For Web Creators, holidays can be a great way to connect with readers, providing tips and advice on how to prep for upcoming celebrations. Diwali, also known as the Festival of Lights, marks the beginning of the new Hindu year and is celebrated by spending time with friends and family, eating delicious foods, decorating with colorful designs and lighting diyas (oil lamps), which represent goodness and purity.
This year we sat down with two popular Web Creators, Hetal Vasavada (founder of Milk & Cardamom) and Neha Mathur (founder of Whisk Affair) to discuss how they approach the holidays from a content perspective and their must-have Diwali snacks.
How does a big holiday affect the way that you create content online?
Hetal: I’ve always shared all my recipes on my blog and the one thing bloggers know is that we do a lot of work for free. This year is actually the first time that I’ve ever done an Ebook. Investing in creating an Ebook of 10-15 recipes helps to offset all of the free content that is shared on my blog. Also if you look at the insights area of Pinterest or any other social media platforms, it’ll tell you when people start searching for things. It’ll let you know when people search for Halloween sweets or Thanksgiving meals. Make sure that you start posting around that time too!
Neha: I use Google Trends, Search Console and Google Analytics. From Google Trends I get to know what people are actually looking for and can then work to create a post around that. Google Search Console tells me the in and outs about which posts did well and which season they did well in. Once you start to do it, you’ll automatically start to get the hang of it.
Have you explored any new content formats on your blog?
Neha: Well, Web Stories just came out and I’m totally hooked on the short-story format! I’m trying to create a Web Story every single day and they are getting very good responses from readers.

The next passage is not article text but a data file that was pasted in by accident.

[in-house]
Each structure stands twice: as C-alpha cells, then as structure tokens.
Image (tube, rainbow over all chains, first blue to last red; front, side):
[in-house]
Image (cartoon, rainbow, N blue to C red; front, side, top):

What about Web Stories excites you to create content?
Neha:One thing I’ve noticed is that not everybody is enthusiastic about reading long articles. The best thing about Web Stories is that they see the snippets and if they like it they will move to your blog and check out your entire process. Let’s take Diwali for example: If I post a step-by-step recipe for Gulab Jamun, sometimes readers don’t have an idea of how easy or difficult the process can be. But after seeing a simplified version of that same recipe on Web Stories, they might be more likely to want to learn more and will go to your blog for the whole tutorial.
What is an unexpected dish that folks have for Diwali?
Hetal: Mexican bhel puri! Lately everyone is more into Indian fusion meals to make both the adults and the younger kids happy. So I’ll do Mexican Bhel puri where it’s tortilla chips, salsa—salsa is the chutney, tomatoes and guacamole. It’s almost like a mixed Mexican salad.
Neha: I would ask them to actually do a little fusion, so let’s say you love a boondi ka laddu. I have a fabulous recipe where I do a parfait kind of thing where I put a layer of rabri in a small parfait glass and then top with the boondi ka ladoo and it becomes a nice fusion dessert. It hardly takes any time so if you aren’t keen on making boondi ka ladoo or rabri at home you can always buy and then just assemble and make it your own dessert.
Can you give us a tip to make samosas at home?
Hetal: There are two types of people in the world, people who like the filling and people who like the crust. For me, the crust needs to be on point! One technique is double frying, you can fry it at a lower temperature around 350 F until they get golden and then turn the heat up to around 375 F and fry them again. That will help create those little bubbles on the outside of the pastry crust and it’s just so good, it really emphasizes the flakiness.